7 Myths About Polyamorous Relationships
First, let me get this out of the way: I'm not polyamorous. But I've been privileged to know many poly people throughout the years, from a monogamous girl negotiating life with a polyamorous partner to another with two concurrent romantic relationships and another with a series of shifting romantic and sexual alliances. And those relationships have let me in on some of the real myths about polyamorous life, from the merely annoying to the seriously damaging.
Here are the facts, in brief: polyamory is not clutch-your-pearls shocking; it's more common than you think (about five percent of all Americans are in a polyamorous arrangement at any given time, according to one statistic); it's not lying or infidelity; and it's not a writhing pile of bodies who can't find fulfillment in a "traditional" relationship. A lot of our ideas about polyamory are born from fear, media sensationalism, preconceptions about human relationships from the monogamy tradition, and misunderstandings. And that, frankly, makes life unnecessarily difficult for people who are just expressing a romantic and sexual preference that does its explicit best to harm nobody.
As for "how does polyamory work?!", the typical answer, if you're wondering, is "lots and lots of communication." When it comes to these seven other myths, though, busting them takes a little less commitment.
Myth #1: That It's The Same As Polygamy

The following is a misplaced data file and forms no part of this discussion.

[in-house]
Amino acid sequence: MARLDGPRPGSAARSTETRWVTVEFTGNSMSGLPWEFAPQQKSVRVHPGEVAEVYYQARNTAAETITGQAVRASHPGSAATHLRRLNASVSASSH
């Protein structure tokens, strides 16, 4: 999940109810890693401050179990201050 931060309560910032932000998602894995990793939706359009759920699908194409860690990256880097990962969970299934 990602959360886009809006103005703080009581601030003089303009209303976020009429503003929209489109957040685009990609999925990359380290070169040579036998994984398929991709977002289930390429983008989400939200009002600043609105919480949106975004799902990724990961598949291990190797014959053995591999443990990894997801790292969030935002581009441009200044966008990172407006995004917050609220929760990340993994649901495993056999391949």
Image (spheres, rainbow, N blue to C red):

Let's get some words correct, shall we? Polygamy is the practice of multiple marriage partners; technically speaking, it can actually be divided into polygyny (one man, many wives) and polyandry (one woman, many husbands). Polyamory can include married partners, but as a term, it's focused on the multiple romantic and sexual relationships between individuals. The BBC's handy definition is "the practice of having simultaneous intimate relationships with more than one person at a time, with the knowledge and consent of all partners."
The ending -gamy refers to marriage; we've become confused on this point because people tend to use "monogamy" as a general word for partnered romantic relationships, where it does actually strictly refer to marriage. (It's cool, though, because it's common usage.) Polygamy, as in Sister Wives, is not the same thing. (Incidentally, "exogamy" refers to marrying somebody outside your tribe or context.)
Myth #2: That It's Basically Cheating
It's a mistake to think, as we'll discuss in a minute, that there's no such thing as a betrayal of trust in a polyamorous relationship; there definitely can be. But the people in every genuinely polyamorous arrangement attempt to be honest, often at great length, about what's going on with each partner, and in that sense it's basically the opposite of infidelity.
The point is that the normal "monogamous contract" of constant emotional and sexual fidelity within a two-person relationship isn't here. Having relationships with several people who are all aware of the situation and give their blessing is a world away from secret liaisons conducted away from the sight of a primary partner. It actually requires a ton of communication and trust.
Myth #3: That Everybody Has Sex With Everybody Else
There are two elements to bust in this myth. One is that polyamory is always primarily about sex, and the other is that everybody involved in a polyamorous relationship is having sex with all the other members. As was made clear in a myth-busting series in Nylon, polyamory can involve a huge range of relationships, from the intimate but non-sexual to group sexual situations, and it's not just a way for voraciously sexual people to "get their fill".
The other myth here is that the arrangements are always one pattern (relationships between all partners), which isn't the case at all. Polyamorous arrangements do not require every person involved to have a romantic or sexual connection to everybody else. They can come in many shapes and sizes, and shift in both.